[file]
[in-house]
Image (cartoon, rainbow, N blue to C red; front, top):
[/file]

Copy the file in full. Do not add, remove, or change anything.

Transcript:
[in-house]
Image (cartoon, rainbow, N blue to C red; front, top):